El Paso: Where Miami goes to play out the string under interim coaches. It happened in 2010, when it lost to Notre Dame after Randy Shannon’s firing, and it happens this year more than two months after Al Golden’s dismissal. Of course, with Pirate King of Pullman (Mike Leach) around, this could be a fun, high-scoring game in large part because of the quaterbacks (Miami’s Brad Kaaya and Washington State’s Luke Falk).
17. Miami Beach Bowl: South Florida vs. Western Kentucky (Dec. 21, 2:30 p.m., ESPN)
It’s the Willie Taggart Bowl at Marlins Park, and chances are more people will pass through the turnstiles at this one than at most of the 81 baseball games there next year. Taggart saved his job at South Florida with an 8-4 season, while his former school (Western Kentucky) features the national leader in passing touchdowns (45) and completion percentage (71.8 percent) in Brendan Doughty.
18. Music City Bowl: Louisville vs. Texas A&M (Dec. 30, 7 p.m., ESPN)
The over/under on quarterbacks to be cycled through this game is right around 4.5, which is about right for a pairing of teams that will finish the season with winning records but not much of a sense of accomplishment. It’s a shame college footbal games can no longer end in ties; that would be appropriate result to close out the year for both the Cardinals and Aggies.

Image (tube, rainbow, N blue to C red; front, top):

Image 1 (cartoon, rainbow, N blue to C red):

19. Independence Bowl: Tulsa vs. Virginia Tech (Dec. 26, 5:45 p.m., ESPN)
There’s a Beamer bump at work here for Virginia Tech’s retiring coach, but let’s face it: This is still a matchup of two 6-6 teams. Under different circumstances, it would be reasonable to wonder if the Hokies were all that interested in this sort of pairing, but they should be dialed in to send their longtime leader out a winner on the same field Virginia Tech’s 23-year bowl streak began.
20. Taxslayer Bowl: Georgia vs. Penn State (Jan. 2, Noon, ESPN)
Georgia ousted its coach right after the regular season, and Penn State fired its offensive coordinator shortly after getting demolished by Michigan State. It’s a name-brand game, but neither of these programs is operating at an optimal level (though Georgia’s a lot closer than Penn State is at this point).
21. GoDaddy Bowl: Bowling Green vs. Georgia Southern (Dec. 23, 8 p.m., ESPN)
MAC-tion is its own reward, of course, and a conference champion crowned on a weekday (in true MAC fashion) probably can’t complain too much about landing in a slot a couple days before Christmas. There’s lots of positives here, from Matt Johnson and the prolific Bowling Green passing attack to Georgia Southern bringing the No. 1 rushing offense in the land into its first-ever bowl bid.
22. Armed Forces Bowl: Air Force vs. California (Dec. 29, 2 p.m., ESPN)
It’s Air Force’s fifth trip to Fort Worth for a bowl game in the past nine seasons, including its second matchup with the Golden Bears in that span. It could be every bit as high-scoring as the 2007 game, a 42-36 California victory. Air Force brings the country’s No. 3 rushing offense into a game against Cal’s No. 102 rushing defense. The Golden Bears aren’t winning if they don’t put up a bunch of points, but then again, that’s usually the case.